Sunday, November 29, 2009


It’s been three months now that I’ve lived in my current apartment, and Nuku and I have not been the only ones living in this 5 room vintage abode. Since before I moved in, the kitchen has been claimed by a hive of roaches that seem to be based somewhere behind the stove. I am not a fan.

I didn’t have my cooking gas turned on when I first moved in, so I mostly ate microwavables. I believed the lack of crumb collection and stain production for the first two weeks I lived here would put a damper on their ability to persist, but I was wrong. I still find them creeping around, and the regular cooking habits I’ve been employing have only served them further.

I’ve tried baits. I’ve tried poisonous sprays. I’ve tried seek-and-destroy operations involving a paper towel. I’ve considered napalm, propaganda flyers, converting them to Islam, signing them up for military service, and exorcism. Sometimes they go on hiatus for a week or two at a time, but they always return looking refreshed. Little bastards.

Really, they’re not hurting anything. But they’re supposed to be gross. I haven’t gotten sick or diseased. They only eat what I’m finished with; I’ve never seen them encounter food I hadn’t taken to first. Indeed, when I enter the kitchen, they scurry away immediately, polite as can be. They realize they aren’t wanted, but a bug’s gotta eat.

In truth, I don’t even know that they ARE roaches. They’re little critters who scurry when the lights turn on, and they’re interested in my leftovers and stove stains. They may even be what restaurant managers like to tell customers are water bugs, something to mollify the masses by claiming what crawls in the kitchen are cute little misunderstood Disney creatures that sing and dance when we’re not looking. Personally I don’t find them to be all that intrusive, but it’s not inconceivable that a Pretty Girl will be a welcome guest at some point in my (near?) future, and she may not have a similarly enlightened (slovenly?) attitude about the difference between true tragedies and a pesky nuisance.

Regardless of the reason, the fact remains that I want them gone, and they won’t go. My personal characteristic of perseverance has been presented with a puzzle, just the sort of thing to focus and heighten my deep, inescapable need to solve it. This happens every time I’m faced with a challenge, a dilemma, or just about anything that needs to be corrected, fixed, or untangled. I achieve a state of Attention Surplus Disorder, virtually unable to move on to another task until the current one is accomplished. This focus typically persists to the exclusion of all other stimuli, such as eating, bathing, or being lit on fire. The gauntlet has been thrown down, and I have picked it up and embraced it. I’m going to chew up iron nails and spit out bullets and Hellfire until the only inhabitants not on my lease are the dust bunnies. And those fuckers are next.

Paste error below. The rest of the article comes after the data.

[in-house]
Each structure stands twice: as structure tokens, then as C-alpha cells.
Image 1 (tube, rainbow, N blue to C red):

Also, I have little to focus my attention upon for the next five weeks while I wait for the next quarter to start.

Sunday, November 15, 2009


I used to get terrified about doing schoolwork. Anxiety attacks over doing the simplest assignments were crippling, and I had to drop out of college for a semester and deal with it. It was the thing that made me a bad student as an undergrad, it’s the thing that made me miss an opportunity to go to UCLA for grad school five years ago, and it’s the thing that made me terrified I would do horribly at DePaul.

But I guess it’s different when I’m spending my time and efforts doing only that which I want to be doing with my life. I’m not forced to get that well-rounded Bachelor’s degree, taking classes that have little to do with my interests; all the reading and studying I do is for the sole purpose of following my heart’s desire. I go to the theatre two or three times a week, notepad in hand, and I get to go as more of an active participant than a passive observer. Most of our reading materials were designed to entertain the masses, which makes the subject of my fifteen page thesis (due next week, better get started) more of a hobby than a chore. Once upon a time I had one of the secrets to happiness whispered into my ear – find what you love to do, then find how to make your living doing that. I can verify that this is absolutely true. I only wish I’d realized it wasn’t supposed to be easy, so I wouldn’t have been so discouraged by my many failures before I got here. Not that I wasn’t told. I just didn’t realize.

There’s something else I’ve heard many times, many ways; sometimes things go wrong in life so we can tell the difference, and appreciate it, when things go right. By the time I decided I needed to go back to school and get what I’d cheated myself out of the first time around, I had been out of college for longer than it took me to go through college. I had a debt equivalent to more than a year’s pay. I was still going to work wearing a unitard and a cape. I cringed every time a customer was certain I was really a professional actor just moonlighting as a waiter, because I knew the opposite was true. Fear and doubt held me stronger than any ropes or chains ever could.